My fellow wine writers and I have teamed up with Yakima Valley in Washington state to taste and explore the wines of the region. You can imagine how thrilled I was when the focus would be on two wineries that produce exceptional Syrahs from Red Willow Vineyards in the Yakima Valley.
As you know, I adore Syrah and Washington produces many of my favorites. While Cabernet Sauvignon is Washingtons’ star grape, Syrah is a close champion. The popularity of Washington Syrah is on the rise and for good reason. Washington Syrahs have new world characteristics with their bold fruit profile, but you also have finesse and elegance that you find with Syrahs from the Northern Rhone. I tasted two Syrahs from Yakima Valley, they were a beautiful medley of Old World and New World styles.
The Mark Ryan Lost Soul Syrah and Owen Roe Chapel Block Syrah are a must-try for all Syrah lovers. One sniff of the Mark Ryan Lost Soul Syrah and you will immediately sense that there is something exceptional about this wine and the Owen Roe Chapel Block will convince you that it is one of the finest Syrahs in Washington state.
Red Willow Vineyards
What makes these two wines an exceptional comparison is that they are both the same vintage, from the same Red Willow Vineyards, which is the oldest Syrah vineyards in the state of Washington. Red Willow Vineyard has garnered immense respect and is often referred to as the “Grand Cru” of Washington state.
Syrah has been a big success for the state of Washington and especially for Red Willow Vineyards. Mike Sauer, the owner of Red Willow Vineyard planted the first Syrah in Washington in 1986. The identity of Red Willow Vineyards is with Syrah, as it is incredibly well suited for their site.
Mike Sauer is one of the early pioneers of Yakima Valley. His highly sought-after fruit has made Red Willow Vineyards one of the most historic and prominent vineyards in Washington state. Red Willow started in 1971 as a division of the Stephenson family farm. Its name comes from a Sumac-filled canyon on Ahtanum Ridge. Over the next few decades, Mike remained committed to planting new varieties and passionately focused on improving his vineyards. His hard work, commitment, and inspiring work ethic for grape growing lead to some of the most exciting wines to be produced in Washington.
In 1978 Red Willow Vineyards started a fruitful(no pun intended) relationship with Associated Vineyards(later called Columbia Winery). At the time Master of Wine, David Lake was the winemaker. David was captivated by the site and he played an influential role in the development of Red Willow VIneyards. In 1981, David Lake chose to vineyard-designate the Cabernet Sauvignon from Red Willow and that pattern has continued to the present date. More importantly, David Lake was instrumental in influencing Mike Sauer to plant Syrah on their site.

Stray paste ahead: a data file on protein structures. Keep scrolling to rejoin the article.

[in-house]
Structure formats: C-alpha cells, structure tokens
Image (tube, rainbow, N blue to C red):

The most distinguishing hallmark of Red Willow is the diversity and complexity of its soil, which allows for many grape varieties to thrive. Mike and Jonathan(Mike’s son) continue to believe that Syrah has its home at Red Willow. The first Syrah vines were planted in 1986, marking it the first Syrah planted in the entire state of Washinton.
One of the distinguishing blocks of Syrah is Chapel Block. As a homage to Mike Sauer’s dear friend, a Chapel was built by the Sauer family using materials from their property. This picture has become an iconic image of Washington State viticulture. The chapel sits high atop the hillside, reminiscent of the chapel on the hills of Hermitage in Northern Rhone.
David & Angelica O’Reilly founded Owen Roe in 1999. Their passion is to showcase the unique terroirs of the Northwest. Together, David & Angelica craft highly acclaimed fine wines from the Yakima and Willamette Valleys. As the winemaker, David is committed to sourcing only the highest quality fruit. The goal is for the fruit and site to purely express itself. Owen Roe winery was sold to Vintage Wine Estates in 2019, but David is still involved and continues to direct the winemaking and operations at Owen Roe.